All of this is entirely irrelevant if you work at doing graphics for pure digital consumption. You simply can not get normal users to see the same color! Mobile devices can not typically even be calibrated. You just have to live with the fact that the color you choose is not going to be more than something sometimes not even close to what you meant.

/* or Adobe RGB but then all normal things look wrong

  • I guess you provide the answer most suitable for my question, which is indicating there is no reliable standard for the obvious fact of lighting situations. Same could be said for "office lighting" standards, monitor decay. Thanks for the insight on color calibration periodics, i guess this could be ammended by regional changes in seasons, howover for the most part this seems accurate. If you care, join me in the comments to discuss propper calibrating tools for monitors, your answer is accepted @joojaa
    Jan 16 '17 at 12:43

It is important to understand what a color profile is. And the diference to color spaces, that is diferent.

What calibrating a monitor is?

The basic idea is that specialized hardware measures a series of controlled color patches to see what the monitor is capable of displaying, and comparing the real output of the monitor versus the color that should have displayed, make some adjustments, to pump the color or diminish it.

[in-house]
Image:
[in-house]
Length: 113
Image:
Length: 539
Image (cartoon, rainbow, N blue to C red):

enter image description here

This makes a profile for the monitor in its current conditions. This profile is normally stored to be used by your operating system in general, not an aplication.

And whow about calibrating a print?

Then you sent to print a secific file with specific series of patches. Then again you measure them and the program make some adjustments to the specific printer profile, to even pump some ink more or make it dimmer.

(You will be asked to print the same file again and you will see the diferences)

enter image description here

This profile is placed in a folder that specific programs like Photoshop, Corel, Indesign and Ilustrator can use for a specific case.

Generic Profiles

Comercial print:

There are generic profiles for some circumstances, for example Swop, Gracol, Eurocoated, Japan, Fogra. If you do not have aspecialized hardware you should use the most suitable profile with it specific variations (Coated, Uncoated, etc.)